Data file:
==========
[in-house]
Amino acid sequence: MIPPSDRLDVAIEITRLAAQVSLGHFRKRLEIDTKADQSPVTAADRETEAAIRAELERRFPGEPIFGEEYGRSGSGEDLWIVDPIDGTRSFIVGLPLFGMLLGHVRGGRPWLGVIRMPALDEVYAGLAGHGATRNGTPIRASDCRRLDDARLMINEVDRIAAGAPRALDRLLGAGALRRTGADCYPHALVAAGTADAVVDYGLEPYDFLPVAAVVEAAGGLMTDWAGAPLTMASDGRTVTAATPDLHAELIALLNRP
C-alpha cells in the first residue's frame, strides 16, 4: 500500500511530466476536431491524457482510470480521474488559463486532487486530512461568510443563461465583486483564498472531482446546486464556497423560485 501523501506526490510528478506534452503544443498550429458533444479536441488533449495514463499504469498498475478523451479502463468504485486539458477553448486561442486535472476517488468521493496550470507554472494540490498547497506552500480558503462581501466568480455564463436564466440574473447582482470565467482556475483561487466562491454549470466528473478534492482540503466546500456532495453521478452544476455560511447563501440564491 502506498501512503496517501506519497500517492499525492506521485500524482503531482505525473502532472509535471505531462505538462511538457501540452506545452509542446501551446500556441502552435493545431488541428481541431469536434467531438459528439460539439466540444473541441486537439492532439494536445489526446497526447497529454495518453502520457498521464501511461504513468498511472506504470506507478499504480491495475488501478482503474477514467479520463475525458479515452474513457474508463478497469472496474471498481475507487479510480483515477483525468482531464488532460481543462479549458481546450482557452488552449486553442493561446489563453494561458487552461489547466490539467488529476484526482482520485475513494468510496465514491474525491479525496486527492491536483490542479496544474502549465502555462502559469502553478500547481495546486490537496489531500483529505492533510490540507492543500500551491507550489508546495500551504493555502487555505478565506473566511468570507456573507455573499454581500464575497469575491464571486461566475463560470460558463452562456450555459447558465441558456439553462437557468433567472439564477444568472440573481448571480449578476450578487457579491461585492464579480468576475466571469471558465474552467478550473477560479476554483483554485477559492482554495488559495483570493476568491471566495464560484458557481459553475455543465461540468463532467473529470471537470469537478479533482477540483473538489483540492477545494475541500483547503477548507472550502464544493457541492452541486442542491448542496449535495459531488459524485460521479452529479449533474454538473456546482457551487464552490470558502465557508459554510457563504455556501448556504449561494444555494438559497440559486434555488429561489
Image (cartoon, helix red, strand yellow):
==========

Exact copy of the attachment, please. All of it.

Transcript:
[in-house]
Amino acid sequence: MIPPSDRLDVAIEITRLAAQVSLGHFRKRLEIDTKADQSPVTAADRETEAAIRAELERRFPGEPIFGEEYGRSGSGEDLWIVDPIDGTRSFIVGLPLFGMLLGHVRGGRPWLGVIRMPALDEVYAGLAGHGATRNGTPIRASDCRRLDDARLMINEVDRIAAGAPRALDRLLGAGALRRTGADCYPHALVAAGTADAVVDYGLEPYDFLPVAAVVEAAGGLMTDWAGAPLTMASDGRTVTAATPDLHAELIALLNRP
C-alpha cells in the first residue's frame, strides 16, 4: 500500500511530466476536431491524457482510470480521474488559463486532487486530512461568510443563461465583486483564498472531482446546486464556497423560485 501523501506526490510528478506534452503544443498550429458533444479536441488533449495514463499504469498498475478523451479502463468504485486539458477553448486561442486535472476517488468521493496550470507554472494540490498547497506552500480558503462581501466568480455564463436564466440574473447582482470565467482556475483561487466562491454549470466528473478534492482540503466546500456532495453521478452544476455560511447563501440564491 502506498501512503496517501506519497500517492499525492506521485500524482503531482505525473502532472509535471505531462505538462511538457501540452506545452509542446501551446500556441502552435493545431488541428481541431469536434467531438459528439460539439466540444473541441486537439492532439494536445489526446497526447497529454495518453502520457498521464501511461504513468498511472506504470506507478499504480491495475488501478482503474477514467479520463475525458479515452474513457474508463478497469472496474471498481475507487479510480483515477483525468482531464488532460481543462479549458481546450482557452488552449486553442493561446489563453494561458487552461489547466490539467488529476484526482482520485475513494468510496465514491474525491479525496486527492491536483490542479496544474502549465502555462502559469502553478500547481495546486490537496489531500483529505492533510490540507492543500500551491507550489508546495500551504493555502487555505478565506473566511468570507456573507455573499454581500464575497469575491464571486461566475463560470460558463452562456450555459447558465441558456439553462437557468433567472439564477444568472440573481448571480449578476450578487457579491461585492464579480468576475466571469471558465474552467478550473477560479476554483483554485477559492482554495488559495483570493476568491471566495464560484458557481459553475455543465461540468463532467473529470471537470469537478479533482477540483473538489483540492477545494475541500483547503477548507472550502464544493457541492452541486442542491448542496449535495459531488459524485460521479452529479449533474454538473456546482457551487464552490470558502465557508459554510457563504455556501448556504449561494444555494438559497440559486434555488429561489
Image (cartoon, helix red, strand yellow):